The issue of female representation in Westminster usually focuses on the need to encourage more women to stand as MPs, but peering down the opposite end of the telescope reveals something quite interesting. It is now plausible that most of Britain’s political parties could be led by women within the next couple of years.
In terms of the main parties, Home Secretary, Theresa May, is positioned as a strong contender for the Conservative leadership if David Cameron resigns after losing next year’s election. Likewise, her shadow, Yvette Cooper, is generally expected to go for the Labour leadership if Ed Miliband loses.
It is now confirmed that Nicola Sturgeon will succeed Alex Salmond as leader of the Scottish National Party next month, becoming Scotland’s First Minister in the process. The Welsh nationalists, Plaid Cmyru, are already led by a woman, Leanne Wood.
The Green party, meanwhile, is on its second successive female leader, with Natalie Bennett following Caroline Lucas back in 2012. Even the George Galloway-founded Respect party has previously been led by a woman, Salma Yaqoob.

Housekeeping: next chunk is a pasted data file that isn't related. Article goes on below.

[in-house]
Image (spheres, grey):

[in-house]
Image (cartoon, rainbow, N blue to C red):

Across the Irish Sea, the trend is, if anything, more pronounced. Westminster’s first-ever woman MP back in 1918 was Sinn Fein’s Constance Markievicz and the Irish republican movement has always produced prominent women figures. In fact, If Gerry Adams decides to spend more time baking cakes and Martin McGuinness retires to his fly-fishing, a likely replacement leader comes in the form of Mary-Lou McDonald, currently Sinn Fein’s vice-president.
The nationalist SDLP has already had a female leader, Margaret Ritchie, but in a striking development, the bookies now have Arlene Foster as favourite to take over from Peter Robinson at the Democratic Unionists, when a vacancy arises. Hardly noted for their progressiveness in such matters, this is nothing short of ground-breaking.
Especially as the deputy leader of Northern Ireland’s Alliance Party, Naomi Long, beat Robinson for his East Belfast seat in 2010. And as their first Westminster MP, she is expected to eventually succeed her own leader, David Ford.
Part of this trend is certainly down to political devolution within the UK creating new, more varied leadership opportunities and a different style of locally-rooted, practical politics. Sturgeon, Wood and Foster are, respectively, members of the Scottish Parliament, Welsh and Northern Ireland assemblies, rather than Westminster MPs. Likewise, Yaqoob was a Birmingham city councillor when she led Respect. While McDonald is actually a member of Dáil Éireann.
So although fewer than a quarter of MPs are women, two-thirds of the thirteen parties currently represented in the House of Commons already have, or could plausibly have, women leaders during the next parliament (May, Cooper, Sturgeon, Wood, Bennett, McDonald, Foster and Long). What a paradox, then, if the first place where numerical gender equality is achieved in our political system is actually in the leadership of our political parties.